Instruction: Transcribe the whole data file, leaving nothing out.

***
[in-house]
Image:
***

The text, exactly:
[in-house]
Image: